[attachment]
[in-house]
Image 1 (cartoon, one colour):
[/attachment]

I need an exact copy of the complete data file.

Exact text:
[in-house]
Image 1 (cartoon, one colour):